Technology Science - Canada’s Open Text last of its kind after HP deal

Latest Technology and Science News

Waterloo, Ont.-based Open Text Corp. had revenues of $912 million US in 2010. It has about 4450 employees. Waterloo, Ont.-based Open Text Corp. had revenues of $912 million US in 2010. It has about 4450 employees. (Open Text)Tech giants such as IBM and SAP are likely casting a hungry eye on business software provider Open Text Corp. now that its last independent competitor has been snapped up by Hewlett Packard, analysts say.

HP announced Thursday it was buying Autonomy Corp. for $10 billion US. It's part of a major swing away from consumer products such as PCs, tablets and smartphones, and an expanded focus by HP on business technology products and services. U.K.-based Autonomy specializes in software that manages and searches unstructured information within businesses' internal networks.

Waterloo, Ontario-based Open Text similarly specializes in helping companies manage the growing mountains of data produced and used in their daily operations. But Open Text takes a different approach â€Â" relying on organizing and tagging content rather than a powerful search capability, said Nigel Wallis, an analyst with IDC Canada whose research is focused on business software and applications.

However, among competitors within its field, Open Text holds the distinction of never having been bought out by a much bigger technology company.

"They are the last major independent that's still standing," Wallis said in an interview Friday.

IBM likely buyer: analyst

He added that he wouldn't be surprised if business technology companies such as IBM and Oracle were in takeover talks with Open Text, which is already designed to work with Oracle, Microsoft and SAP software.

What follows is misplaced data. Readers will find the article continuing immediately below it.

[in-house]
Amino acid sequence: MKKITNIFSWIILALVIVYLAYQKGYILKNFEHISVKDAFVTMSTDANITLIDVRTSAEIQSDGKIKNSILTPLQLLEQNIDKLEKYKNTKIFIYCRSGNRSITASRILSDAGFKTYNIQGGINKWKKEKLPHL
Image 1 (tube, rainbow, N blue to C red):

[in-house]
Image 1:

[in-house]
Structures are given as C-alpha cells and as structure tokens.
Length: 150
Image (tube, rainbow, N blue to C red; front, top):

In a note to investors Friday, National Bank analyst Kris Thompson said he and his colleagues view IBM as the "most likely buyer" and do not expect Microsoft to make a bid.

"A bidding war between SAP and Oracle is another real possibility," the note added.

Wallis said potential buyers will probably have to pay a hefty premium for Open Text because it is the last available company in a field that is growing very quickly, due to exponential growth in the rate at which humans are consuming data. By 2020, he said, data usage is expected to reach 35 zetabytes per year â€Â" equivalent to the amount needed to fill 760 billion dual-layer Blu-Ray discs.

"That's a huge opportunity for companies and vendors to try and manage and optimize on behalf of the IT organization," he added.

He noted that most major technology companies have tried to gain a foothold in this area recent years â€Â" IBM by acquiring FileNet in 2006, Adobe by buying Day Software in 2010 and Microsoft through its Sharepoint platform.

Active market for mergers

Richard Tse, an analyst with Toronto-based Cormark Securities, said the area known as enterprise content management, "has been probably the most active market in terms of mergers and acquisitions for the last eight years."

Analysts say there is huge opportunity in solutions that help companies manage and optimize their growing reams of data. Analysts say there is huge opportunity in solutions that help companies manage and optimize their growing reams of data. iStockHe added that Open Text's earnings growth has been 30 per cent on average in each of the past five years, partly by making targeted acquisitions itself. Its revenues in 2010 were $912 million US.

Analysts observed that the $10 billion paid for Autonomy by HP was a hefty amount.

"It's obviously a bet that they're making that this is going to be an asset that could be meaningful to their growth going forward," Tse said.

Wallis said the deal provides the opportunity for the company to present its HP server and storage clients with an additional information management solution, while providing Autonomy with access to HP's massive client base around the world.

Anne Lapkin, who analyzes Autonomy for technology research firm Gartner, said it's "an incredibly good deal for autonomy," but "it's way too early to tell" if moving away from hardware and focusing on information management will be a successful strategy for HP.

"Everytime that you make that kind of sea change, it involves big risks," she said, predicting that there will be a "significant clash of cultures" that HP and Autonomy will have to cope with.

In the short term, she said, competitors such as Open Text may be able to exploit the natural disorder that results from the merger.

But in the long term, they may find the merged behemoth to be a bigger competitive threat, she added.

"It has the potential of being a very, very powerful partnership."

Recent News

0 komentar